Wednesday, August 25, 2010

A MEGA Database of Middle Eastern Antiquities

Following up on other recent posts on mapping and archaeology (NASA, July 19, and LIDAR, May 12), high-tech mapping and databases are being used to document and preserve archaeological sites and artifacts in the Middle East. The New York Times reports on a Getty Conservation Institute initiative to create a web-based database to document archaeological sites in Jordan (MEGA: Middle Eastern Geodatabase for Antiquities). In addition to documenting entire ancient cities such as Jerash, the database also lists individual features and finds. Individual data points can be located via Google Earth satellite images.

The concept behind this is to put field reports and critical information about possibly endangered sites in the hands of officials, allowing them easier and more efficient access to information on overwhelming numbers of sites and artifacts. Eventually the project hopes to expand to neighboring Iraq and other Middle Eastern countries, all rich with archaeological heritage. Conceptually, this project could translate to anywhere in the world, given time, money and resources.

Of course more information on the web means more accessibility and knowledge. What further ramifications does this have for the archaeology and archaeometry communities?

Photo From Getty MEGA Website

Tuesday, August 17, 2010

Rock Art and Megafauna?

Researchers from Monash University reported recently that rock art in Australia’s Northern Territory represents Genyornis, an ancient megafaunal bird similar to an emu. This is the first reported artistry of a species that went extinct 40,000 years ago, and calls the timeline of humans in Australia into question. Further studies include excavation and dating of the site. This project and its future directions are an excellent example of archaeological sciences at their best- an archaeological team, a paleontologist, and perhaps some dating specialists will investigate this apparent chronological mystery.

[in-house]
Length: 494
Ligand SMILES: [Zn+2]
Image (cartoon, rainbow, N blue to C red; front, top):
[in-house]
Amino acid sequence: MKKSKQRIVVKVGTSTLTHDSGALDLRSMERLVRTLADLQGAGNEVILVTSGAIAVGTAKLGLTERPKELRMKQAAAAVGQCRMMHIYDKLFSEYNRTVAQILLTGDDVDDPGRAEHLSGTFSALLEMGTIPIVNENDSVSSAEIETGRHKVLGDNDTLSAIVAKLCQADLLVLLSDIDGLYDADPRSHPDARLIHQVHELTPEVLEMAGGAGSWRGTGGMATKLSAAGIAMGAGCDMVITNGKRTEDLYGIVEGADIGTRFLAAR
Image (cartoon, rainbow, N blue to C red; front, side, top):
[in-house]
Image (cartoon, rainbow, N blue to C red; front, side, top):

Photo provided by Ben Gunn

Tuesday, August 10, 2010

CHARISMA program - proposals due 15 Spet. 2010

CHARISMA (Cultural Heritage Advanced Research Infrastructures: Synergy for a Multidisciplinary Approach to Conservation/Restoration) is an EU-funded integrating activity project carried out in the FP7 Capacities Specific Programme "Research Infrastructures".

The project provides transnational access to most advanced scientific instrumentations and knowledge allowing scientists, conservators-restorers and curators to enhance their research at the field forefront. Specialists from arts and sciences, design and set-up new instrumentations and methodologies developing the  most promising technological applications and sustainable solutions to improve diagnostics and monitoring. New extended cooperation among European infrastructures, paves the way towards expanding the harmonisation of best practices in studies and conservation.